Then it was finally time to start painting! I had chosen a shade of brownish gray that matches the border that I picked out, to complement the border that I put in the dining room. It is rather a dark shade for such a small house, but the other day when we were at Grandma and Grandpa's house, I saw their recent paint job using a dark green. It was beautiful! But they only put it on one wall, so I'm still not sure I want the whole room painted that darkish shade of brown / gray. It is really a pretty color but it just might be too much for the entire room. I'm thinking of just painting the bottom half of the walls in the darker color, and then getting a lighter shade of the same color for the top half, with the border in between. I think I need to be kind of creative to fix up this little house!
Once I get this project finished, and if the weather warms up in the next week or so, I am so ready to get going on some yard projects. One of the things that I want to try this spring is learning about rose bushes and planting a couple out here. We have great soil (we are right in the middle of farm country, with that corn field right on the west end of our house) so I just need to do a little research to see what else rose bushes need. We're also planning on a small vegetable garden, and I'm really looking forward to creating a few perennial garden areas around our house. I had perennial gardens all around our house in Michigan that I had worked on for almost 20 years, but now I'm starting all over with my gardening adventures. We have some shade and some sun, so that will be a new gardening experience for me. In our yard in Michigan, we had almost all shade so I got to be quite familiar with the plants that would do well in the shade.
But until then, I've definitely got plenty to keep me busy with painting the living room. If I can save up a little bit here and there, we might even be able to replace the carpeting later this summer. You know, I guess you don't have to live in a mansion to fix up your little corner of the world. And since this is where we live right now, I'm pretty sure that it's a good thing to bring some sunshine into our home. I just keep reminding myself when I think about everything that our girls don't have . . . . I grew up in a house smaller than this one, and I survived! I guess they will, too ;o)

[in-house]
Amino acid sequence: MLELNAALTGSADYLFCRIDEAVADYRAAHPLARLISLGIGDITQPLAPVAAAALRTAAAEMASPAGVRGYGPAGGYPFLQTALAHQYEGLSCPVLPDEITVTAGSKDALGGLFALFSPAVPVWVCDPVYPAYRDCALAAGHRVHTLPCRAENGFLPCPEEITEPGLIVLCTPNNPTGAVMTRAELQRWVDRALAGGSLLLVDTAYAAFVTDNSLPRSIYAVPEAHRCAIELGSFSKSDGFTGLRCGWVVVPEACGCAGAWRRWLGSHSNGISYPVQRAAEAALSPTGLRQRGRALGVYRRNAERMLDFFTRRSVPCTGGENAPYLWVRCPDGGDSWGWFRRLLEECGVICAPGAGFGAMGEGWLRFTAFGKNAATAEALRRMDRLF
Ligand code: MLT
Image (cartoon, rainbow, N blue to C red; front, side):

Have a great Monday!
Applique Pattern and Tutorial
Here’s a sweet way to brighten up a spring day! Inspired by the gorgeous Ginger Blossom line of fabrics by Sandi Henderson, this appliqué pattern is just perfect with any of the Ginger Blossom fabrics. Or any fabrics at home in your stash! I’ve been working on creating little projects that you can do using scraps of fabric you already have on hand, and something that you could finish up in an afternoon while the kids are napping or off at school. So, if you are wanting to tackle a small project to get started sewing, or if you are just looking for a simple, fun, quick and easy project . . . . this is perfect for you!
You can find the complete tutorial, including directions and instructional photos, on the "Flutter Flower" Applique Tutorial page.
Those of you who have read my blog over the past few years know that I am a Vintage Mama. Not quite antique yet, but totally vintage! Some of our daughters' friends have parents that are actually younger than our oldest kids ;o) but that's not hard to accomplish, I guess, since I was a "child bride" and was a first time mama at the age of 19. So for you younger moms, the song reference in my title will not connect with you like it does with this Vintage Mama who was a young teen during the waning days of the Viet Nam War. During that time, lots of the music we heard back then was about the horror and tragedy of war, in every generation and through all time. The song started out by asking "Where have all the young men gone?" and concluded that many of them had "Gone to graveyards, every one." And then the eternal question: "When will we ever learn? When will we ever learn?"
In reality, wars have been waged throughout history, and you and I will probably never sort out all of the political and historical implications of that reality. But as a Vintage Mama, I am suddenly confronted with my own reality of how different it is raising young girls in 2011 than it was back at the end of the last century. Now that our daughters are ages 8 and 10, I'm looking around at the way some of the girls in this age group are dressing, talking, and acting, and it is apparent in so many ways that I am from a different century! As I observe what's going on in the world around us, I was struck by the words of that old hippie song that asks not only "where have all the flowers gone?," and "where have all the young men gone?," but now I want to know, "Where have all the young girls gone?"